A commentator once said he could appreciate the brilliance of Picasso as an artist while recognizing also that he was a loathsome individual. He probably didn’t use the word ‘loathsome’ as I’m likely projecting there. The point is that there is the artist and then there is the art – the creation. And they are separate.
Any number of biting criticism has been offered that artists as a group, as a species, we’re all a little to a lot just weird. We don’t socialize well, we’re self-absorbed, our conversations run in never connecting tangents and our language is worse than a sailor’s at low tide. (OK, that last one may be just me). We’re only at our best through our work and our work is best when it is disassociated with any connection to our own personalities or behaviors. True? Not true?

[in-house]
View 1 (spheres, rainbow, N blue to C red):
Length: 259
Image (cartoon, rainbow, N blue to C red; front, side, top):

A little true?
I confess I know an artist who does very good if somewhat traditional work, lovely work, that I find myself unable to fully appreciate because he’s also not shy about promoting his political philosophy, which is as ugly as his paintings are beautiful. I wish I didn’t know him at all. I’d rather feel appreciation for his art than feel loathing for his fascism.
Am I any different? How am I different? Less talent but just as dysfunctional?
Can I only appreciate ‘The Ladies of Avignon” because I never knew Picasso?
Can I only listen to ‘I Am The Walrus’ because I never met Lennon?
Can I only watch ‘The Man Who Shot Liberty Valance’ because I never sat down and had a conversation with John Ford?
Can I only stand to live with myself by being self-aware only of my art?
Have I chosen the wrong phase in life to quit drinkin’?
All my life I have had to learn to do things differently. To see the world differently.